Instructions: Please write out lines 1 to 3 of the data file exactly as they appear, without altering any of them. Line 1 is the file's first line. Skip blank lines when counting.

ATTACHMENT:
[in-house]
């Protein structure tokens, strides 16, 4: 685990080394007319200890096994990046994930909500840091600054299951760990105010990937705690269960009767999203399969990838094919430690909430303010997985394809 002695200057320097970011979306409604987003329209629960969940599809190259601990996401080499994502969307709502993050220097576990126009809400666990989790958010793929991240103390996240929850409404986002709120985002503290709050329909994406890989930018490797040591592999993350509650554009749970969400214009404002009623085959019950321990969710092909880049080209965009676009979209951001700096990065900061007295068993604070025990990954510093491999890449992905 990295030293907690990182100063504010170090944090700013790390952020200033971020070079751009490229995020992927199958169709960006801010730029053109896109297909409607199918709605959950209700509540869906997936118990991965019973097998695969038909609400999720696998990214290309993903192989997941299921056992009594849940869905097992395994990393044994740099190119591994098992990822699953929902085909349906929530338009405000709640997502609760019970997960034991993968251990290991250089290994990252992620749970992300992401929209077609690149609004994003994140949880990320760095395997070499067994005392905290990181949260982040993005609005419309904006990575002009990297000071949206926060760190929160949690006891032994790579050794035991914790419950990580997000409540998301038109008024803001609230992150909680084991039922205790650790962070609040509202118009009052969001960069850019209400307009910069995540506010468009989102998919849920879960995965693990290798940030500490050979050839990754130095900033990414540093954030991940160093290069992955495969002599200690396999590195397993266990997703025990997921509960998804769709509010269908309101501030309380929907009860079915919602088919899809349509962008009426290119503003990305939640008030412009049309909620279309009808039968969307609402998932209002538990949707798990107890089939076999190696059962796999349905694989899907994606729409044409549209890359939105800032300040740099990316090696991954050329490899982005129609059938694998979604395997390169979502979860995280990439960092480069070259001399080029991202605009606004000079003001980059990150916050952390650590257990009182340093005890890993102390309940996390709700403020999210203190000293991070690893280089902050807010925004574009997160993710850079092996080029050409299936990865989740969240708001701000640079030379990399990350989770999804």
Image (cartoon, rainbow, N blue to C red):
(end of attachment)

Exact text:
[in-house]
């Protein structure tokens, strides 16, 4: 685990080394007319200890096994990046994930909500840091600054299951760990105010990937705690269960009767999203399969990838094919430690909430303010997985394809 002695200057320097970011979306409604987003329209629960969940599809190259601990996401080499994502969307709502993050220097576990126009809400666990989790958010793929991240103390996240929850409404986002709120985002503290709050329909994406890989930018490797040591592999993350509650554009749970969400214009404002009623085959019950321990969710092909880049080209965009676009979209951001700096990065900061007295068993604070025990990954510093491999890449992905 990295030293907690990182100063504010170090944090700013790390952020200033971020070079751009490229995020992927199958169709960006801010730029053109896109297909409607199918709605959950209700509540869906997936118990991965019973097998695969038909609400999720696998990214290309993903192989997941299921056992009594849940869905097992395994990393044994740099190119591994098992990822699953929902085909349906929530338009405000709640997502609760019970997960034991993968251990290991250089290994990252992620749970992300992401929209077609690149609004994003994140949880990320760095395997070499067994005392905290990181949260982040993005609005419309904006990575002009990297000071949206926060760190929160949690006891032994790579050794035991914790419950990580997000409540998301038109008024803001609230992150909680084991039922205790650790962070609040509202118009009052969001960069850019209400307009910069995540506010468009989102998919849920879960995965693990290798940030500490050979050839990754130095900033990414540093954030991940160093290069992955495969002599200690396999590195397993266990997703025990997921509960998804769709509010269908309101501030309380929907009860079915919602088919899809349509962008009426290119503003990305939640008030412009049309909620279309009808039968969307609402998932209002538990949707798990107890089939076999190696059962796999349905694989899907994606729409044409549209890359939105800032300040740099990316090696991954050329490899982005129609059938694998979604395997390169979502979860995280990439960092480069070259001399080029991202605009606004000079003001980059990150916050952390650590257990009182340093005890890993102390309940996390709700403020999210203190000293991070690893280089902050807010925004574009997160993710850079092996080029050409299936990865989740969240708001701000640079030379990399990350989770999804």
Image (cartoon, rainbow, N blue to C red):